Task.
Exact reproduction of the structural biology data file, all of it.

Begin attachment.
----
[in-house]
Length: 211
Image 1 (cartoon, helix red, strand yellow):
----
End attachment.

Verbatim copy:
[in-house]
Length: 211
Image 1 (cartoon, helix red, strand yellow):